Congloms focus on coveted kids programming
While the quantity of youth-oriented programs has exploded in recent years, the number of entities controlling children’s broadcasting in the U.S. has decreased with consolidation. As a result, the dominant outlets for kids programming are operated by a handful of conglomerates such as AOL Time Warner, Viacom/CBS and Disney/ABC.
Other than the virtually nonexistent syndication market, the only independent airwaves remaining are those of PBS, which has turned to international co-productions, sponsorships and merchandising revenues to finance its operations.
However fragmented and elusive the youth audience may be, kid eyeballs are some of the most coveted in the business. Cablers and networks are bringing out a record 33 new shows this season trying to woo young viewers.
Tweens and teens are the most targeted demo this season, with 11 programs premiering this fall aimed specifically at the 9-14 set. Spies, secret agents and detective themes are big this year, and more female protagonists are emerging, particularly in the teen arena. Two new shows, “Totally Spies” (Fox Family) and “Mary-Kate and Ashley in Action” (ABC), cover three of those demo bases.
NBC has been targeting teens for years with its tNBC block, which will include a new show this year, “All About Us,” featuring a female lead.
Fox Family remains committed to its goal of being a teen destination on cable, and has had success with “Braceface” and “So Little Time,” two new programs that have been nabbing strong shares of girl viewers all summer.
The Disney Channel has been attracting tweens to its Zoog Disney block, and for the first time, it is introducing two cable-originated shows, “Lizzie McGuire” and “Even Stevens,” to sister broadcast net ABC, echoing similar actions by CBS and Nickelodeon.
Jonathan Barzilay, senior vice president and general manager of ABC Kids and Toon Disney hopes the move will build the Alphabet’s audience in the 9-14 demo and “allow those viewers to follow these shows back to Disney Channel.”
The Disney Channel is rolling out “The Proud Family,” a new animated show with an African-American teen girl lead. The show launches with 21 episodes, a tall first-season order.
“On cable, with older kids, that’s when you make the investment,” explains Rich Ross, Disney Channel’s G.M.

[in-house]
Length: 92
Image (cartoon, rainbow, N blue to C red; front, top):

Nickelodeon is hoping to extend its TeeNick viewership to Saturday night with “The Nick Cannon Show,” starring the host of the Sunday teen-programming block.
Like the rest of the airwaves, reality is all over the kids channels. New programs “Totally in Tune” (Disney Channel) and “Moolah Beach” (Fox Family) continue the teen reality-genre trend set by “Real Scary Stories,” which returns to Fox Family for its second season.
Kids never seem to tire of being spooked, and Kids WB! will be scaring them with “Goosebumps” author R.L. Stine’s new show, “The Nightmare Room.”
In the sci-fi vein, Fox Kids is introducing “Alienators: Evolution Continues” and “Medabots.”
Nickelodeon will be the only channel already offering preschool fare to add such a show, “Oswald,” which will go to Nick Jr. and CBS’ Saturday mornings, which will also add “Bob the Builder.”
In October, Nickelodeon will direct the preschool set to primetime for a special five-part “Blue’s Clues” series, “Blue’s Big News,” in which a new baby will join the cast, and actress and mom Lisa Kudrow will be featured.
PBS Kids is offering two new programs with female leads targeting younger girls by dealing with issues of identity and independence: “Sagwa the Siamese Chinese Cat” and “Anne of Green Gables: The Animated Series.”
Looking to 2002, PBS will be taking dead aim at after-school boys-action viewers with “Cyberchase,” which has extensive online interactivity. John F. Wilson, PBS senior vice president and co-chief program executive, says it is “taking the passive medium of television and allowing the kids to interact with it in a meaningful way.”
After school, boys really do rule the airwaves on Kids WB!, Fox Kids and Cartoon Network, all of which are introducing new action shows to their lineups.
“We try not to use the word ‘action,’ we prefer ‘high-adventure, humor and heart,'” says Donna Friedman, executive veep, Kids WB!, which is adding five new programs to its lineup this fall, including two Japanese anime series.
Cartoon Network is debuting the highly anticipated “Justice League” in November, and Dea Perez, VP of programming, says, “It’s the first time since ‘Powerpuff Girls’ that I’ve felt this kind of buzz about a show.”
Fox Kids is mixing prankster comedy into the action with “The Ripping Friends,” from “Ren & Stimpy” creator Jon Kricfalusi.
Maureen Smith, prexy of Fox Family Channel and Fox Kids says boy-oriented high-energy action adventures are performing the best on Fox Kids, but, she adds, “Kids are always looking for something new, something fresh and original. Why did ‘Pokemon’ and ‘Digimon’ take off? Because there was nothing else like it on the air at that time.
“Word of mouth on the playground is extremely important,” she adds. “It’s just like water-cooler talk. If you’ve got something great, kids will find it.”